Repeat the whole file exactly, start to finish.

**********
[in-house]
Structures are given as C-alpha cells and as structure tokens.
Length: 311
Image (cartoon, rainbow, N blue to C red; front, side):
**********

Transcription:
[in-house]
Structures are given as C-alpha cells and as structure tokens.
Length: 311
Image (cartoon, rainbow, N blue to C red; front, side):